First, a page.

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A lovable larrikin: Wigram Vets


Max is a lovable and excitable chocolate Labrador. Young and unruly, Max had no respect for vehicles and enthusiastically ran amok on the farm until one day he got a little too close and disaster struck as he went under the front wheel of the farm ute.

 

 

Max was initially treated by his local vet in Hokitika but he proved to be a tricky case. Max had some nasty scrapes and bruises, but his main problem was a dislocated hip. Despite attempts to replace it using a closed reduction technique, the hip kept popping out. A closed reduction technique involves manually replacing the hip while the animal is under sedation and massaging it into place. At this point, because of the ongoing luxation, the clinic chose to refer Max to Wigram Vets.

With surgical exposure it became apparent why the hip was so unstable. The joint capsule was completely shredded and acetabular ligament ruptured. The ball and socket joint were a mess. Max underwent a surgical reconstruction of the joint capsule and a replacement of the acetabular ligament with a synthetic ligature and anchoring toggle.

 

Max bounced back from the surgery quickly, weight-bearing the very next day, and was looking forward to getting back to his regular routine, but his other injuries held him back. Max had sustained a few scrapes in the accident. The largest one on his opposite leg began to break down. He had a minor surgery to investigate and clean the wound and a few small pieces of gravel were found deeply embedded in it, despite the rigorous flushing this wound had previously received at the initial incident.

As his wounds began to heal, Max went from strength to strength. He quickly became the clinic favourite, carrying his bone in his mouth with a big goofy grin. When the time came for his departure, he had a large farewell with lots of hugs and kisses.

Now he is back to his old self, still quite the larrikin but you really wouldn’t want him any other way.

Find Wigram Vet & The Good Dog Spa at 155 Corsair Drive, Wigram, phone 03 929 0987. For more information, email reception@wigramvet.co.nz or visit www.wigramvet.co.nz.

 


 

A day in the life of a vet nurse: OurVets


The role of a Veterinary Nurse is a varied one which includes (but is not limited to) receptionist, lab technician, nutritionist, anaesthetist, kennel hand, grief counsellor and pharmacy assistant. To celebrate Veterinary Nurse Appreciation Week in October, we caught up with some of Ourvets’ most important team members, the Veterinary Nurses, to get an insight into how an average day looks.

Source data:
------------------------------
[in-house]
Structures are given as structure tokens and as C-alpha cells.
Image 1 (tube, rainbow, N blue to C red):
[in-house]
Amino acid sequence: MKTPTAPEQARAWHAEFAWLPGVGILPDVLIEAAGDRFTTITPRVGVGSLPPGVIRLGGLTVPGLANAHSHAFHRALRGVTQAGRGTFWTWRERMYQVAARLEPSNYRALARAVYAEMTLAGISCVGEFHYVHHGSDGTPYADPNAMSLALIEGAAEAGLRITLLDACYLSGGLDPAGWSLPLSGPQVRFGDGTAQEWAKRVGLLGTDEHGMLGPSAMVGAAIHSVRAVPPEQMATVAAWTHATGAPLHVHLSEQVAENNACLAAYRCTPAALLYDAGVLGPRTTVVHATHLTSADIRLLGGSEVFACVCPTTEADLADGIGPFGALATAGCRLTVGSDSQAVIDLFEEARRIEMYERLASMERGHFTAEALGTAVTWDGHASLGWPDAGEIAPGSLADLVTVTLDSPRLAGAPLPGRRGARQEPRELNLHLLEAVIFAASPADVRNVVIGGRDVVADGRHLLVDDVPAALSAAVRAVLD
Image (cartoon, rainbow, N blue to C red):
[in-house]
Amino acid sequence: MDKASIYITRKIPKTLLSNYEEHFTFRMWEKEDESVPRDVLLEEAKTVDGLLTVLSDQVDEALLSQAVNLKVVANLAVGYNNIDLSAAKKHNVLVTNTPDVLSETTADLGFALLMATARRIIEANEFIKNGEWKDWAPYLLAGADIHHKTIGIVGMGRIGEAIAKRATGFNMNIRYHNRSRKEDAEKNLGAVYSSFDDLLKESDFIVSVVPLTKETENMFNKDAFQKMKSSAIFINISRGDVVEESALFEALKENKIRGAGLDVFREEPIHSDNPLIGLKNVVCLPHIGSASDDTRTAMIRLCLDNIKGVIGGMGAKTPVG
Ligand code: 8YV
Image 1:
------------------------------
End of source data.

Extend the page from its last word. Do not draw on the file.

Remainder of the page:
“Arriving to work before the clinic opens, we check on any hospitalised patients that may be in. This involves a full examination of the pet – checking their heart and respiration rate, taking their temperature, checking their pain levels, administering any medication and cleaning out their cage, with lots of hugs and attention too! Then we check our emails, in case we have patients coming from the Afterhours Hospital that will need immediate attention on arrival.

As patients start arriving for the day’s surgery, we talk with owners about their pets’ procedures and answer any questions they may have. We then fully examine their pet and take blood tests to make sure vital organs are functioning as they should be.

 

If all is well, we work out an anaesthetic plan that is tailored to the individual pet’s needs. Next, we set up and check the anaesthetic equipment and gather the medications for the procedure. Lots of hugs and reassurance are required whilst we gain IV access prior to the procedure. Once smoothly asleep, we keep them snuggly warm and comfortable during their procedure. We constantly monitor how they are doing under the anaesthetic by taking their vital readings and adjusting the anaesthetic accordingly.

On recovery, we stay with your pet and reassure them until they are fully awake and happy. Once recovered, we will give you a call to let you know how your pet is doing, answer any questions you may have and arrange a time to go over discharge instructions.

 

During the day, we help the vet with a variety of tasks: we medicate animals, prepare medications, toilet animals, then clean, clean, and clean some more! We answer phone calls, console owners and are there when vets, clients and pets need us. While no two days are ever the same, we love our jobs as veterinary nurses!”

For more information on Ourvets, visit www.ourvets.co.nz or www.facebook.com/ourvets.christchurch.